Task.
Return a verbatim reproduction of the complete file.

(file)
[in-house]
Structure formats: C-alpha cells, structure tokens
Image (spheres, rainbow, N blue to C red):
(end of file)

[in-house]
Structure formats: C-alpha cells, structure tokens
Image (spheres, rainbow, N blue to C red):